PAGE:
March 31, 2002
March 31, 2002 Great swirls of yellow pine pollen float in every puddle and creek, a sure indicator of spring. The Cherokee crew is fighting off hay fever and working at a feverish pace. “Everything’s popping,” said Blake. “We’re at that stage where everything seem’s to be happening at once.” But some things never change – below Bill Davis is shown board-sanding the hull.
Board Sanding the Hull
Catherine Williams, the interior decorator, has been planning interior color schemes and fabrics. Kitchen appliances are arriving, including the microwave and stove.
Tom Kirmeyer still finds himself in tight places, fitting the plumbing for the forward heads. Walls are going up in the forward area, adding to the “bee hive” feel of the work areas. But there is a method to the madness here! Tom Parker is working on shelving and drawers.
The insides of the vanities have been top-coated. This is the last step in the process, and the priming and sanding was done before the vanities were put together. This is the most time consuming part of painting a piece of furniture like this, due to many corners and tight spaces. Painting the outside is a breeze in comparison – the outsides will be painted with the rest of the room.
A Pretty Vanity
Pictured below is the through-hull and ball valve for the forward drain manifold. Everything in the forward part in the vessel that needs to discharge to the outside will discharge through this manifold. This is located right beside the washer/drier combination.
The Way-Out for Grey Water
Jeff Heyland is preparing to glue mahogany to the transom. This will be sanded and varnished. Then the name will be painted in place, and everyone will be awestruck at the beauty of Cherokee.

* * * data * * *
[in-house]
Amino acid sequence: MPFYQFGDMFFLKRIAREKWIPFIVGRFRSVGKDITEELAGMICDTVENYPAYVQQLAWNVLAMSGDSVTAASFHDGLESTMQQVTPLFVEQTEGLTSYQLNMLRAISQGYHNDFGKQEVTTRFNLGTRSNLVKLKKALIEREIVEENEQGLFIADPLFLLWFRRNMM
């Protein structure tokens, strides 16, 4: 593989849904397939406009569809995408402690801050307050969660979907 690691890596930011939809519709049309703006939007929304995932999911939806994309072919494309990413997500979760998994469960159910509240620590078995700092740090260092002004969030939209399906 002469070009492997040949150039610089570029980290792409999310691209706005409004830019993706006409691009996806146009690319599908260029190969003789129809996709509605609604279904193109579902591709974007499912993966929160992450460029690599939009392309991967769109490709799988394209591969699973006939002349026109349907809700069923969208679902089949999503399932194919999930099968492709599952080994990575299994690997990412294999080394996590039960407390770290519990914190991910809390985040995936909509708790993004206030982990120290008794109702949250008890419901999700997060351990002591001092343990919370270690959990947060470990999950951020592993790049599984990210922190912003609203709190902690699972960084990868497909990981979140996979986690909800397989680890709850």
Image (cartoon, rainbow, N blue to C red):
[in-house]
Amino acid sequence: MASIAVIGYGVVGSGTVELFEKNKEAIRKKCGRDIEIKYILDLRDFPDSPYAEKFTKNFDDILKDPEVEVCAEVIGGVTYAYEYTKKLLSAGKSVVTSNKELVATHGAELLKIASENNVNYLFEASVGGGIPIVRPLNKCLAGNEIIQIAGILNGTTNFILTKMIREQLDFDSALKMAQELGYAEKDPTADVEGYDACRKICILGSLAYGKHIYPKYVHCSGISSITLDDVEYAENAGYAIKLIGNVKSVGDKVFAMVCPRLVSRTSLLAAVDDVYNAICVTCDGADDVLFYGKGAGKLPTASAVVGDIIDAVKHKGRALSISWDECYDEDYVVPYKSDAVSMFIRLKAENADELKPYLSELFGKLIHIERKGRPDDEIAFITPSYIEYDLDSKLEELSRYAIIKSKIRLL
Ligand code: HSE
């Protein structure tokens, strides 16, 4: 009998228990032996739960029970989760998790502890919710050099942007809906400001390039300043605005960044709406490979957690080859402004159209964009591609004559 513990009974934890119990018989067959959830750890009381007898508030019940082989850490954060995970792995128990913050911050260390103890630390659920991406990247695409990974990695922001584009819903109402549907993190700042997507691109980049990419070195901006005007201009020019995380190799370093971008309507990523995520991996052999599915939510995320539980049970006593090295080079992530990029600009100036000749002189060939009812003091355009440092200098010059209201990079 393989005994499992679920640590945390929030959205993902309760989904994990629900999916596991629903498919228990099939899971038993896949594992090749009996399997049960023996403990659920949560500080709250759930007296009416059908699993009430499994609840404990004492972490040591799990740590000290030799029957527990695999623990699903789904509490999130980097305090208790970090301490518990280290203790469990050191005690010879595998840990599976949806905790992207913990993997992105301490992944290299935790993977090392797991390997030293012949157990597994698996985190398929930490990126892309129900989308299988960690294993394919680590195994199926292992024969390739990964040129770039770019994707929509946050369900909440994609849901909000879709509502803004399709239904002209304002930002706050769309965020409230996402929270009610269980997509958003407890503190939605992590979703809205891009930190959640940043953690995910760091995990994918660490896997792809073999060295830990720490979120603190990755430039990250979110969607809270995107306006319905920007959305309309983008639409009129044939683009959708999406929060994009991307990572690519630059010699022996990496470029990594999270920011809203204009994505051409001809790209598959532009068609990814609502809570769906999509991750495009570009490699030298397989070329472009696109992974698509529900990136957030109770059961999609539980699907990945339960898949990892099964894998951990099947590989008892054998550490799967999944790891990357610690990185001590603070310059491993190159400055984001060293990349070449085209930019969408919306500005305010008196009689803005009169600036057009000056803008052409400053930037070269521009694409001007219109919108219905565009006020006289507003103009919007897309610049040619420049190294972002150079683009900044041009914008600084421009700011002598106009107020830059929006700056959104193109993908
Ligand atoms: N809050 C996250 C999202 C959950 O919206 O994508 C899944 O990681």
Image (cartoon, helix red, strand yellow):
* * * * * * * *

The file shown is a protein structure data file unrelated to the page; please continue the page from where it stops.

Jeff Preparing Transom for the Big M
Gloucester Community Club is already gearing up for its summer barbecue schedule, a tradition that stretches back to 1956, when men sat around a pot-bellied stove at the INS grocery store grouching about Gloucester not getting it’s fair share of county services. Neighbors got together with the help of extension agents and planned the barbecue to raise money for community beautification. They first met people’s homes, then in Bill Pigott’s potato-grading shed, and finally built their own building. Clubmembers cleaned up the roadways, petitioned for better trash disposal, insisted on improved roads with road signs, and even managed to get Gloucester on state maps by 1961. The telephone company declined requests to run service into Gloucester until right-of-way access was provided. Club members not only secured the okay of property owners; they cut the access route themselves with bush axes! By 1962, a public telephone booth was installed next to the Gloucester INS grocery store. Today the chicken barbecues help fund an annual scholarship that the club awards to college-bound Down East residents. Quite a legacy baked into those chickens… Signing off for now, Barbara “Fish Doctor” Blake